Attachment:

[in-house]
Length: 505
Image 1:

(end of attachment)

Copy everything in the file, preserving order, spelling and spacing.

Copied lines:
[in-house]
Length: 505
Image 1: